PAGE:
But my teacher's point is along the lines of the journey being the valuable lesson, not the destination. Viewed that way, it's irrelevant whether the knife sticks, because it's the process of throwing that's important.

I think about this - especially lately - when one of my books gets a less than five-star review. And yes, I confess I'm one of THOSE people who see anything less than five-stars as not-quite-good enough. It's the grade that's not an A. It's the room for improvement. It's the knife that kinda sticks but then falls away.

A five-star review, in contrast, feels as thrilling as the perfect throw with the point buried solidly deep. Every time.

And yet... I *know* I shouldn't feel this way. In my heart I know that the reviews and ratings are just part of the destination, that it's the writing, the journey that truly matters. Most of the time this works for me - diverting myself back into the work, focusing on the writing and what it means to me, where it takes me. In fact, that this is on my mind at all right now is likely a product of having been between books for too long. I need to get Book 4 of The Twelve Kingdoms started. In a big way.

At any rate, I suppose this is my particular room for improvement. One of the many ways I need to grow and learn. I understand in my head that not everyone will LOVE my books, but I have a ways to travel to embrace the miss in my heart as much as the hit.

Time to throw some more knives.

Reading Your Own Work, Process, And Being Kind To Yourself

By Robin Owens

My very first audio book just came out, Ghost Seer, narrated by Coleen Marlo. I listened to the sample. I used a download code (worth $19.95) to buy it and I listened to the beginning. I like the narrator. But I'm having problems with hearing my words.

This isn't really anything new. I have problems reading my own work, too.

I'll point out that we all have a story to tell and our own unique way of telling it. That we should love writing it. This story will, most probably, reflect ourselves and our world views. This story should be something we would love to read.

This doesn't happen to me, nor to many of my friends, published or unpublished. We don't read our books, and for several reasons.

One reason can be that the work is old. Yes my first published book, HeartMate, won a major award (it was my fourth manuscript). People are still discovering it, and enjoying it. But I can't read it. I could write it so much better now, I think (I definitely made the world building in the first pages too steep...).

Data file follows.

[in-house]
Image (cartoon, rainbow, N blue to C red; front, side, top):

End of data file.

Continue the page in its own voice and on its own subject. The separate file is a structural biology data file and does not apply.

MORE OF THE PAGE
Another reason is I look at a book and just cringe at all the work I put into it, and it's still Not Perfect. I don't want to read/listen to my flaws.

Most often, though, is the simple fact of my process of writing (this is my process, and I don't expect anyone else to write as I do, yours is probably different and works best for you):

1) Write scenes/chapters
2) Take to critique group
3) Rewrite
4) Write more scenes and chapters, revising as I go (I write out of sequence)
5) Put out of sequence scenes in chapters
6) Read and revise
7) Finish draft
8) Revise draft
9) Send draft to beta readers
10) Revise
11) Send draft to editor! (usually late)

I PRAY I don't get a Hideous Revision Letter that starts "I have concerns. I think you'll have to revise quite a bit of this." Cringe.

Like anyone, I would prefer, "I loved it! You did a fantastic job!" (I have heard this twice. Of twenty-four books).

Copy edits come. Page proofs (galleys) come. Somewhere along this timeline I am so sick of the story that I can't stand it anymore. Am I changing a sentence and it's better? Or just different?

So by the time the published book is out there, I deeply know the plot, the characters, the sentence structure in the third paragraph of chapter twenty-two. And when I read the story I don't see the story, I see the technicalities. (Let me insert here that I LOVE rereading my favorite authors. I usually am rereading a book as well as reading something new).

I wasted $19.95 on that download of Ghost Seer, and I should have known better.

This is where I, and you-who-can't-read-your-work-one-more-time, must depend on others, on the reader half of the writer-reader equation, to tell you whether you did your job, and how well you did your job. Believe them when they say you did great.

Oh, by the way, don't read bad reviews.